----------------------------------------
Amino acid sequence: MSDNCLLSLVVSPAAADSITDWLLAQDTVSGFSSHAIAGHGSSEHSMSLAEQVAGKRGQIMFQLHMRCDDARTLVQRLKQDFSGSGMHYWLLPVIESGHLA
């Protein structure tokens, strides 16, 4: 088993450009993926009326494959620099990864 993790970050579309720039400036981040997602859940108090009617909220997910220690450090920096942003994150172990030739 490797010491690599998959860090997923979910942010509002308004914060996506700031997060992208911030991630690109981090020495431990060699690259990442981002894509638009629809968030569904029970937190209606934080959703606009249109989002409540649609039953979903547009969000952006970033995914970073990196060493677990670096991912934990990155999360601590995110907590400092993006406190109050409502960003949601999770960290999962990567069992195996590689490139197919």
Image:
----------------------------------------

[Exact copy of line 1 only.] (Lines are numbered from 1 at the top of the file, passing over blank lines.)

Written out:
Amino acid sequence: MSDNCLLSLVVSPAAADSITDWLLAQDTVSGFSSHAIAGHGSSEHSMSLAEQVAGKRGQIMFQLHMRCDDARTLVQRLKQDFSGSGMHYWLLPVIESGHLA